- What areas are reviewed during these background inquiries?
- Who gathers the information?
- Who in the administration reviews the information and determines the suitability for employment?
- What are the criteria for disqualifying an applicant?
- Does the screening process apply to all employees (teachers, janitors, lunchroom staff, security personnel, part-time employees, bus drivers, etc.)?
- Is there a nurse on site at all times while children are present (including before and after school)?
- What is the nurse's education or training?
- Can my child call me at any time?
- May I visit my child at any time?
- What is your policy for when to contact parents?
- What are the parent notification procedures?
- What are the student pick-up procedures?
- How is it determined that someone other than me can pick up my child?
- How does the school address special situations (custody disputes, child kidnapping concerns, etc.)?
- Are older children separated from younger children during recess, lunch, rest-room breaks, etc.?
- Are acts of violence or criminality at the school documented? Are statistics maintained?
- May I review the statistics?
- What violence or criminality has occurred at the school during the last three years?
- Is there a regular briefing of teachers and administrators to discuss safety and security issues?
- Are teachers formally notified when a child with a history of serious misconduct is introduced to their class?
- What is the student-to-teacher ratio in class? During recess? During meals?
- How are students supervised during visits to the rest-room?
- Will I be informed of teacher misconduct that might have an impact on the safety or well-being of my child?
- Are there security personnel on the premises?
- Are security personnel provided with written policies and guidelines?
- Is student safety the first issue addressed in the security policy and guidelines material? If not, why not?
- Is there a special background investigation conducted on security personnel, and what does it encompass?
- Is there any control over who can enter the grounds?
- If there is an emergency in a classroom, how does the teacher summon help?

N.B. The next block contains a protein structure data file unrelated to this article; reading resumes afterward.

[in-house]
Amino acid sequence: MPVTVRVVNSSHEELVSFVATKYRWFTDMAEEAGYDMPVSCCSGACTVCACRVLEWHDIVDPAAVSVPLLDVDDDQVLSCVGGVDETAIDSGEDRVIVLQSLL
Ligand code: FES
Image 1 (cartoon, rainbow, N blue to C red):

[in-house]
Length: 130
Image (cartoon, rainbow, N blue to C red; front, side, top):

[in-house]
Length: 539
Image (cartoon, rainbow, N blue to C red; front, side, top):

- If there is an emergency on the playground, how does the teacher summon help?
- What are the policies and procedures covering emergencies (fire, civil unrest, earthquake, violent intruder, etc.)?
- How often are emergency drills performed?
- What procedures are followed when a child is injured?
- What hospital would my child be transported to in the event of a serious injury?
- Can I designate a different hospital? A specific family doctor?
- What police station responds to the school?
- Who is the school's liaison at the police department?
De Becker refers to not relying on the government. Parents in search of information on school emergency preparedness will find the going tough when using the U.S. Department of Education or Centers for Disease Control Web sites, as the information is not easily accessible. It is better to use your county as a jumping off point. Most have emergency management brochures that can be downloaded from the Internet.
But when it comes down to the details, it is up to parents and schools to connect, to communicate, and to know what the plan is. After the Virginia Tech University massacre and the killings that continue to happen sporadically throughout the country, isn't it now time to focus on a thorough reorganization of all official programs which must be designed, then activated in order to secure the safety of our children?
Susan Konig is a well-known authority on family communications and other issues whose columns have appeared in the Washington Post, Ladies Home Journal, Parade, Us, Travel & Leisure, the New York Post, Catholic Review, and National Review Online.
She is also the author of the book Why Animals Sleep So Close to the Road and Other Lies I Tell My Children. She brings not only a lifetime of journalistic, writing, and family experience to FSM, but also her unique humor and perspective that allow her to deal with the deadly serious issues of national security in a relatable and easygoing manner.